Consequently, this court lacks jurisdiction to review remand orders in which the district court premises remand on either lack of subject matter jurisdiction or procedural defects in removal. See Things Remembered, 516 U.S. at ----, 116 S.Ct. at 497.
The district court concluded that it lacked removal jurisdiction over this case. First, the district court concluded that §§ 1334 and 1452 does not confer removal jurisdiction because the action is not “related” to Recomm's bankruptcy proceedings. Likewise, the court concluded that § 77v(a) of the Securities and Exchange Act of 1933 denies the district court removal jurisdiction over cases arising under that Act. Whether we characterize the district court's removal-jurisdiction grounds as relating to subject matter jurisdiction (of which removal jurisdiction is a species) or to a procedural defect,5 § 1447(d) bars review of the remand of the assertedly bankruptcy-related and securities-law claims.6
The district court's reasons for remanding the RICO claim present a thornier issue. The court wrote:
The predicate acts pled by the plaintiffs in the counts premised on RICO violations are mail fraud and wire fraud. The RICO claims are not separate and independent from the nonremovable claims. They arise from the same nucleus of facts and seek recovery for an interrelated series of allegedly wrongful transactions. Under the civil remedies provision of RICO, claims made under RICO may be brought in federal court. This provision is permissive, not mandatory or preemptive. 18 U.S.C. § 1964. As masters of their complaint, the plaintiffs may choose their forum within the confines of the law. They have chosen state court, and RICO's provisions do not require the court to disallow this choice.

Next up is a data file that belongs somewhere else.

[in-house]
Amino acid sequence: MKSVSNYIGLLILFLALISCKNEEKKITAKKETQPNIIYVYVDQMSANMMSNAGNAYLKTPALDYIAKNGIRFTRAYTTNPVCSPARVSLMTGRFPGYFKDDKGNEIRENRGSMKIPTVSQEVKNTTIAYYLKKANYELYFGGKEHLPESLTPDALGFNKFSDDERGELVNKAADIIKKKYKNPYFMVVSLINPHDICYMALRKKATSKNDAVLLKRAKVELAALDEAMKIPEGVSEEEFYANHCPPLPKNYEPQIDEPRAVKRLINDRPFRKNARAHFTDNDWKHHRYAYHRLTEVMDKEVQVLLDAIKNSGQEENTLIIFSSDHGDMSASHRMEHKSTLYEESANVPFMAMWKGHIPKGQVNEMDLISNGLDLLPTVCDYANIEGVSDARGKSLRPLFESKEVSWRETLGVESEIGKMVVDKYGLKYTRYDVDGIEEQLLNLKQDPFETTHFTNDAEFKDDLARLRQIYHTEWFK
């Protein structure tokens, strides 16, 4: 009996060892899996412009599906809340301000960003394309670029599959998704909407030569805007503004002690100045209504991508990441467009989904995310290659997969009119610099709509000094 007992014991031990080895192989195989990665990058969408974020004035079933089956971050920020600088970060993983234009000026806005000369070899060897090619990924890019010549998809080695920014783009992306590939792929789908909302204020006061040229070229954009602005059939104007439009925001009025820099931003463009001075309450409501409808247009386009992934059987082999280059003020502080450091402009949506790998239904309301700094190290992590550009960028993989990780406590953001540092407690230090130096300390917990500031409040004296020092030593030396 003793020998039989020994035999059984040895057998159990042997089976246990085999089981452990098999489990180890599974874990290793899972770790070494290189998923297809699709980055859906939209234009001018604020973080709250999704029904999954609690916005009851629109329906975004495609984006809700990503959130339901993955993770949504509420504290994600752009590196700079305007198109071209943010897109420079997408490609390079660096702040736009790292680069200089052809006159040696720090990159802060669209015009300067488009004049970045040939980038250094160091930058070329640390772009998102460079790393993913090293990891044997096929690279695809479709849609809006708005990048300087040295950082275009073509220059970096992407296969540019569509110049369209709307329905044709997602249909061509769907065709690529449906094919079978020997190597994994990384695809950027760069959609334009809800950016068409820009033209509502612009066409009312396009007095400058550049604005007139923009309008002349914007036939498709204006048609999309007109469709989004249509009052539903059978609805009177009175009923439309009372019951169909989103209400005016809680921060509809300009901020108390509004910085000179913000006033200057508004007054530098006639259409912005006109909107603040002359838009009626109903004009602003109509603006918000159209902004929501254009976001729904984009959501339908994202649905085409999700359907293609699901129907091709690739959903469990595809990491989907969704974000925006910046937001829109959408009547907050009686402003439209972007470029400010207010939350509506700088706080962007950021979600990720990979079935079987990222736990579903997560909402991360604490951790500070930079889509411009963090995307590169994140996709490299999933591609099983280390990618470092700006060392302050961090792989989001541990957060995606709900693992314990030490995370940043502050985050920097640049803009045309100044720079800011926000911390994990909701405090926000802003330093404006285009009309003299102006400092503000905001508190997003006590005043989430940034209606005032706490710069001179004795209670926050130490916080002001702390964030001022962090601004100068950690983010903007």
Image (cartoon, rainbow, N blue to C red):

(R.2-25 at 7) (emphasis added). The court then summed up its opinion by writing that “[t]his case is nonremovable by force of statute and is also due to be remanded in the best interest of justice and equity.” (Id. at 9.)
While equitable considerations (such as respect for the plaintiff's choice of forum) may thus have provided an alternative basis for remand, the remand seems primarily to rest on statutory grounds. Three features suggest this. First, the court concludes that the RICO claims are not “separate and independent” from the state-law claims. This language echoes the language of 28 U.S.C. § 1441(c) and hints at a theory that § 1441(c) bars removal of federal-law claims that are not either independent of state-law claims or under the district court's exclusive jurisdiction.7 Second, the opinion appears to embrace a notion that RICO claims, like the securities-law claims discussed above, are by statute not removable. Finally, the court's own conclusion shows that the remand order rested primarily on statutory grounds-related either to procedural defects or subject matter jurisdiction-and not on equitable grounds. Because the district court thus concluded that the RICO claims were not within its removal jurisdiction, this court may not revisit the issue, whatever the viability of the district court's theories. See In re Decorator Industries, Inc., 980 F.2d 1371, 1374 (11th Cir.1992) (“We are prohibited from reviewing a remand order for lack of jurisdiction even when the district court's determination is clearly erroneous.”).
We now turn to the final part of the district court's remand order; here the court concludes that remand is also appropriate for various equitable reasons, including avoidance of a transfer by the Judicial Panel on Multidistrict Litigation. We are prohibited from reviewing that part of the district court's order for two reasons.
First, the district court explicitly stated that it would remand based on these equitable grounds only if it were deemed to have bankruptcy jurisdiction under § 1334. Because we can not review the court's determination that it did not have bankruptcy jurisdiction under § 1334 and because defendants do not challenge that jurisdictional determination, we have no cause to address these alternative equitable grounds for remand. Secondly, and more directly to the point, Congress has prohibited us from reviewing remands based on equitable grounds when removal invokes the district court's bankruptcy jurisdiction under § 1334. See 28 U.S.C. § 1452(b).